Ember gives you the power to write tests and be productive from day one. You can be confident that your app will be correct today and years from now. A question remains: How should you write tests?
Since tests are a core part of the Ember framework and your development cycle, I will dedicate several blog posts on best practices for writing tests, based on my experience at work and former life as mathematician.
Today, we will cover why testing is important, what tools can help you with testing, and how to run and debug your tests.
Please note that some tools may be readily available for Ember only. However, the best practices that I will mention should be independent of your framework. After all, tests are a universal language, just like math is.
In 2019, in addition to continuing work on the items above, I’d like to see us work on building a larger community. Our community, while truly amazing and supportive, is yet small. To flourish, we need support from developers who don’t work with Ember daily. These developers may professionally work with React, Angular, or Vue. They may be self-taught or attending school, looking to enter tech with minimal risk in career trajectory and minimal time to create showcase projects.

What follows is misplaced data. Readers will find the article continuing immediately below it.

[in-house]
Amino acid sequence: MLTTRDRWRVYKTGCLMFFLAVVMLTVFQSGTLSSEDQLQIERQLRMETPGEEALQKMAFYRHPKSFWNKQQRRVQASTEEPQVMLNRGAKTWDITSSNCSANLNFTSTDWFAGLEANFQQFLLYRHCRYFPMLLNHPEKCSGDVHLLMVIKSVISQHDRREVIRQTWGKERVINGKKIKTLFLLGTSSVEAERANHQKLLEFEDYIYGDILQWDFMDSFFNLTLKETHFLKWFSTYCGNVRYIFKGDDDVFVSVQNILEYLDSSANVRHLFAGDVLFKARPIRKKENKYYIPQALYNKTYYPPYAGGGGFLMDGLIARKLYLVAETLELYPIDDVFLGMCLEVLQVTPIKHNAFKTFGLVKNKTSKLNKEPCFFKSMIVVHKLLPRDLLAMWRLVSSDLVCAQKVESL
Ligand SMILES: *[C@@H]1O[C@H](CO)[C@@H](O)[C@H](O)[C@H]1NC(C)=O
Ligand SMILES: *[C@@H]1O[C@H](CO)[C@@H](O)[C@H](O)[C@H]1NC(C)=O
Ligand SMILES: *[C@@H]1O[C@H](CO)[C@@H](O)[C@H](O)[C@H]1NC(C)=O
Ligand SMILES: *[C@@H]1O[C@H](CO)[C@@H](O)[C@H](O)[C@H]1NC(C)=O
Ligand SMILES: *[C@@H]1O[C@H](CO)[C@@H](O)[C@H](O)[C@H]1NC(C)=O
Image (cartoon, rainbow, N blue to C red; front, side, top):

I believe we can do 3 things to welcome these developers:
Publish better website (address design and content)
At EmberConf 2019, I had the chance to meet and learn from many Ember developers around the globe. I’m excited about Ember Octane, a new edition built with developer productivity and app performance in mind. It’s in beta and readying for release. I think there’s no better time to learn and use Ember.
This tutorial covers how to load complex data in a predictable manner and how to add animation to liven up your site. A hearty thanks goes to Sam Selikoff and Ryan Toronto, whose teaching at the conference I’m heavily basing mine on. They had taken time to build a polished demo app; I was inspired to follow their footsteps.